Why GCJ is bad (for newbies) and why Sun is to blame

I spend a fair bit of time helping out beginning Java programmers. My favorite is when they ask why their swing code doesn't work. When they post their stacktrace, there's all the GCJ/GIJ classes. I explain to them how GCJ isn't java and doesn't (fully) support swing and that they should just download Sun's VM and work with that. The problem with this scenario is multifaceted. For many, they use Debian (or some derivative) and the Debian ideologues choose ideology over functionality and ship a partial, non-certified implementation of a VM call it "java." Beginners, unaware of the distinction, run into problems and blame Java rather than misguided package managers. Others get it closer to right, like gentoo, and make it relatively easy to install Sun's VM. However, it's not entirely the package managers' fault. Sun's insistence on the pointless click-through license to download the VM make it impossible for most linux distros to sanely package a working java implementation. (The same also holds true for maven/ivy repositories but that's another matter.) Since no one can redistribute the VM and many/most of the Sun provided libraries, automated package management becomes impossible and people, like RedHat/Fedora, end up shipping GCJ and calling it Java even though it is demonstrably not Java.

Now, I know some of you will point at Fedora Core shipping Eclipse all pre-compiled with GCJ but I'd like to point out that most of the hard stuff (the UI) is already native code. I have nothing against GCJ, per se, but calling it Java and making it the default Java package is misleading and, I think, just plain wrong.

Sun's insistence on this licensing is leading to efforts like what our friends over at the Apache Software Foundation are working on: complete, reimplementation of all (major) java specifications with "sane" licensing terms that are freely redistributable. So rather than working with the community to speed the progress of these APIs, they've "forced" the community to reimplement things under terms we're comfortable with. With yesterday's announcement that McNeally stepped down as Sun's CEO and Schwartz taking the helm, I'm hopeful we'll see some progress on this front.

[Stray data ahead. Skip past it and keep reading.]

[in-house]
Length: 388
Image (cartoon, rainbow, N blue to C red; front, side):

I know the issue has been beaten to death, but maybe now we'll see a truly open source(tm) VM. I think the model of OpenOffice, Apache's httpd, and Linux make a great model. Sun can keep the trademark and even "editorial" control over the main source tree. But greater freedom in using the VM can only lead to greater involvment from the community. Examples, like python, PHP, perl, and ruby show that languages can have open communities contributing without fragmentation. There are far too many bugs that have languished for far too long in the bug parade. Opening up the source to more traditional open source models can only help in the long run. I know many people who are turned away by the relatively draconian licensing terms the source is currently under.

Anyway, to return to my original point, Sun's licensing is creating some awkward situations around the use and deployment of Java applications that serve no real practical purpose that I can see.  I think it's time to open it up a bit.